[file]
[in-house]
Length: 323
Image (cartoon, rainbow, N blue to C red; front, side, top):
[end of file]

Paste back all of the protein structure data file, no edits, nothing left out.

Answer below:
[in-house]
Length: 323
Image (cartoon, rainbow, N blue to C red; front, side, top):